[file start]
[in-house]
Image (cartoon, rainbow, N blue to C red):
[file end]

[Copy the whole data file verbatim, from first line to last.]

[in-house]
Image (cartoon, rainbow, N blue to C red):